Healthcare News & Insights

Slash spending: Implement a print strategy

GettyImages-507476776When you think about ALL the printing your hospital does, it’s easy to see how it’s a major expense. In this guest post, Michael O’Leary, vice president of enterprise accounts at a print management software and solutions company, explains how implementing a print strategy can save your facility a lot of money.

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The primary goal that permeates every function of a healthcare organization is to provide the best possible patient care. Every time nurses take someone’s blood pressures, doctors consult with patients or administrators review schedules, they’re working with this greater purpose in mind.

But providing the best patient care is about more than patient-facing services. It extends to handling the organization’s finances and operations efficiently to ensure the best care continues to be delivered. Funds must continually be allocated for improvements in technology and facilities maintenance so staff can have the best possible impact on the lives of patients.

Missing opportunity to save

Yet many healthcare organizations are missing an opportunity to save millions of dollars each year. In a time of massive investment in converting hard copy to electronic health records, many healthcare organizations still have surprisingly wasteful print strategies in place, or maybe no print strategy at all.

When you think about all of the different kinds of print a facility pays for – including clinical, production and externally sourced printing – it’s easy to see why printing is one of the top expense categories in health care. With the right print management strategy in place, organizations can achieve significant annual savings, which can be reinvested toward patient-facing services and other areas of need.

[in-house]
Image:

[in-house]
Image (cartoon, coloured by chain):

One organization that is saving millions by managing print strategically and holistically is Banner Health, an integrated health network with more than 47,000 employees. Banner proactively manages this operational expense as an important part of its effort to expand the scope and quality of patient care services.

Steps to achieve results

Here are four actions healthcare organizations can take to achieve similar results:

Define your goals and policies. Banner Health has strong leadership and a culture of standardization. Printing on a personal printer can cost up to 14 times more than printing on a shared multi-function device, so one of the first targets in Banner’s overall strategy was to eliminate expensive desktop printers in favor of more cost-effective shared network printers (secured with software that ensures document confidentiality). This may require some change management, but it has to be a part of the bigger picture if the goal is to reduce operational expenses.

When outlining your enterprise print strategy, be sure to include all output. Go beyond electronic medical records and process printing and take into account convenience printing, copying and faxing. And before you implement an aggressive, policy-driven approach to print management, make sure your company is prepared for the change.